Since the HIV epidemic, the Food and Drug Administration has tried several different strategies to bring life-saving drugs to patients more quickly while preserving safety measures. In the cancer world, the need can be just as desperate, but drug development in this area has been hampered by low success rates. This is essentially due to inadequate laboratory models that do not reflect human biology very well and therefore are not very good at predicting what drugs will really make a positive impact cancer treatment. There is no shortage of potential drugs, but the cost required to test them in large clinical trials needed to gain approval forces drug companies to discard most of their drugs and hope they make the right “bet” on which ones move forward.
On Sept. 30, 2013, the FDA approved its first drug using the “neoadjuvant” model, which means drugs are being tested for their ability to shrink early-stage breast cancers prior to surgery. Since the disappearance of invasive cancer correlates with better long-term survival, the FDA proposed this new bar for accelerated approval of drugs as long as subsequent studies confirm their ability to delay or prevent recurrence.
The anti-HER2 antibody Perjeta, had already been approved for advanced HER2-positive breast cancer, when combined with the older antibody Herceptin plus chemotherapy. However, testing it in early-stage breast cancer requires much larger studies and time to determine if it can prevent or delay recurrence. Such studies have begun, but their final results are years away. Following this accelerated approval, Perjeta will now be available for patients with HER2-positive, early-stage breast cancer who are treated with neoadjuvant therapy. Trials are now assessing several new drugs in this fashion, such as the multi-center I-SPY 2 trial, testing a revolving list of targeted drugs with sophisticated tissue and imaging studies to also search for biomarkers that will tell us who will benefit the most.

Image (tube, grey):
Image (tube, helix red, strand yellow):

There are pitfalls, however. Side effects are not as well-known in earlier phases of trials. The relationship between response in breast tumors and survival is quite complicated. The ultimate safeguard is close safety surveillance and parallel studies that look at both response and recurrence. The FDA will revoke drugs that do not eventually show an impact on recurrence, but it makes new drugs available much sooner albeit with less safety data. This is an important milestone in drug development and will significantly cut the time it takes to move drugs in a more curative setting. Hopefully, this is a trend that will be refined over time.
Debu Tripathy, MD
Editor-in-Chief, CURE Magazine